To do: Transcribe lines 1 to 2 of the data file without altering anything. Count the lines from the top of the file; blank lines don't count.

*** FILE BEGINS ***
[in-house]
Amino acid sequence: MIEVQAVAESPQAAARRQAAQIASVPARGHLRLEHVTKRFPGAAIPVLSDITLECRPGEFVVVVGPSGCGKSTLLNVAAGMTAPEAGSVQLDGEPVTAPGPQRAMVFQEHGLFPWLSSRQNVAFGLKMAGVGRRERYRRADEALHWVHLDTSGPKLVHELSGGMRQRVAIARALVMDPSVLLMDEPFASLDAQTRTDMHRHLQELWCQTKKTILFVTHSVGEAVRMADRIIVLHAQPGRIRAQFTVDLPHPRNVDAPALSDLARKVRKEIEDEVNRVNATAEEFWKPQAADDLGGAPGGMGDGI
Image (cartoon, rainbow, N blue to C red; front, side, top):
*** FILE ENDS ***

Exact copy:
[in-house]
Amino acid sequence: MIEVQAVAESPQAAARRQAAQIASVPARGHLRLEHVTKRFPGAAIPVLSDITLECRPGEFVVVVGPSGCGKSTLLNVAAGMTAPEAGSVQLDGEPVTAPGPQRAMVFQEHGLFPWLSSRQNVAFGLKMAGVGRRERYRRADEALHWVHLDTSGPKLVHELSGGMRQRVAIARALVMDPSVLLMDEPFASLDAQTRTDMHRHLQELWCQTKKTILFVTHSVGEAVRMADRIIVLHAQPGRIRAQFTVDLPHPRNVDAPALSDLARKVRKEIEDEVNRVNATAEEFWKPQAADDLGGAPGGMGDGI